Update on the Commemorative Woodland at Brownhill

Update on Commemorative woodland at Brownhill 

Following on from my previous correspondence on 22 June, I am writing to provide you with an update on the plans for the commemorative woodland at Brownhill, in the Tywi Valley Carmarthenshire.

Thank you for taking the time to share your feedback with us through our public consultation and drop in events in March and June last year. We were pleased to be able to engage with so many residents and have the opportunity to listen to people’s views and concerns on the proposals for the land at Brownhill. 

Having listened carefully to the feedback we received, we are pleased to be able to share the designs for the site and inform you of our next steps.

The site has now been divided in to three main areas, each prioritising different objectives;  a conservation space for wildlife to flourish, a woodland space for commemoration that is fully accessible, and a growing space to provide sustainable opportunities for continued food production, trees, and nature.

We have set out a summary of our plans below, outlining how we will deliver the objectives for each area, taking in to consideration the responses we received through our consultation:

Area one – Conservation space 

Main objectives 

Our main objectives for the conservation space are to improve access points to ensure the public and local anglers can safely access the river and create riparian and wet woodland to help benefit biodiversity and promote a healthy active floodplain. 

How we will achieve this: 

Our initial plans for this area of the site will require minimal intervention. It will be allowed to develop in to riparian woodland to allow for natural processes, as has been the case for the last ten years.  We will improve public access by restoring a footbridge and establishing an informal walking route that will allow people and anglers to safely access the riverside and enjoy the wildlife. Signage will be installed to provide information to people on how they can use the area safely and help care for the area. In time, we will also be exploring opportunities to undertake river restoration work in this area to naturalize the previously canalised section of the river to improve habitat for fish and invertebrates.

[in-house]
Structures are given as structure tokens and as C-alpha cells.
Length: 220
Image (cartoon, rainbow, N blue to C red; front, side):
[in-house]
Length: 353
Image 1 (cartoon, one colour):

Full details, including maps and drawings of the conservation space can be viewed via our Citizen Space project page from 19 January.

Area two – Woodland space

Main objectives 

Our main objective for the woodland space is to create a native broadleaf woodland that maximises habitat diversity and provides a contemplative green space where people can come to reflect and remember loved ones.

How we will achieve this:

The woodland has been designed to enhance the existing features of the site and wewill retain substantial open space to provide important open habitat. To ensure the new woodland is resilient to the threats of pests and diseases and climate change, we will plant a broad range of species and shrubs, including Oak, Hornbeam, Small leaved lime, Hazel and Crab apples.